USDA photo of a beef grinding operationUSDA/Wikimedia
Like a horror-film villain, "pink slime"—the cheeky nickname for scraps of slaughtered cow that have been pulverized, defatted, subjected to ammonia steam to kill pathogens, and congealed into a filler for ground beef—takes a pounding but keeps coming back.
Last month, McDonald's announced it would stop using the stuff. But just this week, pink slime got a de facto endorsement from none other than the USDA, which—the online journal The Dailyreported—plans to keep buying millions of pounds of it for use in the National School Lunch Program.
These developments are just the latest installments of a long-playing drama. The product first entered my consciousness in the 2008 documentary Food, Inc., when the product's maker, Beef Products International, was proud enough of its now-infamous burger extender to do what no other meat company would: invite filmmaker Robert Kenner into its factory to film its shop floor in action.
The scene, video below, features a Beef Products executive talking over a milieu straight out of Chaplin’s Modern Times: a vast network of steaming tubes, with people in protective gear and face masks wandering about fussing with dials. Pale chunks of fat and sinew are whisked up on a conveyor belt into a machine, from which they emerge as a coarse paste before entering more machines. "From the food safety standpoint, we're ahead of everybody," the exec says, touting his firm's ammonia process. "We think we can lessen the incidence of E. coli O157:H7" (a deadly strain). The clip ends with those heavily protected workers carefully shutting the finished product—uniform, flesh-colored blocks—into boxes. Over that image, the exec claims that the product ends up in 70 percent of hamburgers served in the US. "In five years we’ll be in 100 percent," he predicts.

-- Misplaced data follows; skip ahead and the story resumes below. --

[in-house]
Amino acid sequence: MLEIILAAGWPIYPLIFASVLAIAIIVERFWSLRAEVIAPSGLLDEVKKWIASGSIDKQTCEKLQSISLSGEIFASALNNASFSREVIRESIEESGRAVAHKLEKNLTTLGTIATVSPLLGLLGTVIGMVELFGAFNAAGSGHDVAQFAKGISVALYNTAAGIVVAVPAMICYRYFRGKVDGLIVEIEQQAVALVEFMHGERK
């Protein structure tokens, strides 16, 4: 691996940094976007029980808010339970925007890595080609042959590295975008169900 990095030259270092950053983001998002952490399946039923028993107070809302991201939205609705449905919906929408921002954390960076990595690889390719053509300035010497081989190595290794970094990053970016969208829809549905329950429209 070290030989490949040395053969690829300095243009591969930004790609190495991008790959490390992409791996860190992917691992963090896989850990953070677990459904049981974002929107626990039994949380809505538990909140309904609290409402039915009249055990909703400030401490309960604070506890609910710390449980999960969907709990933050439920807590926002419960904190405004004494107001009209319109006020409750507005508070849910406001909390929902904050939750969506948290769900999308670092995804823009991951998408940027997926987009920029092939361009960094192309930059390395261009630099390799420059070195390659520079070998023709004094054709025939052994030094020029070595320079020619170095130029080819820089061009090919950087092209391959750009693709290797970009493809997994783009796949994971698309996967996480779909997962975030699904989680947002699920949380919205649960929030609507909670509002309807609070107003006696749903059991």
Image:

Before the exec's prophesy could be tested, the product received a devastating blow in the form of an investigative report from the New York Times' Michael Moss. This article brought the phrase "pink slime" into public view. The nickname emerged, Moss reports, from an internal 2002 email by a USDA microbiologist, who declared he found the practice of labeling the stuff as ground beef to be "fraudulent." But the real scandal uncovered by Moss was that "Lean Finely Textured Beef"—the USDA's preferred phrase for you-know-what—wasn't performing as advertised.
You see, Beef Products International was marketing the stuff to beef processors, fast-food chains, and school cafeteria directors as a solution to the problem of ground beef riddled with pathogens, many of which have evolved resistance to antibiotics. The idea was that pink slime contained enough ammonia that, when you mixed it with ground beef, it would effectively sterilize the resulting blend. And the USDA and FDA had taken that promise at face value, Moss reports. One "top official" of the USDA's division that oversees the meat supply assured Moss, "It eliminates E. coli to the same degree as if you cooked the product.”
Yet that premise was false. Rather than eliminating pathogens from burger mixes, pink slime was often actually adding pathogens, Moss revealed. Beef Product International's raw material, fatty trimmings that come mainly from the outside of the carcass, tend to be loaded with E. coli and salmonella. The company had been lowering its ammonia dose based on complaints about flavor. Possibly as a result, in tests conducted by the National School Lunch Program between 2005 and 2009, pink slime tested positive for salmonella at a rate four times higher than the conventional burger mix it was supposed to sterilize, Moss revealed.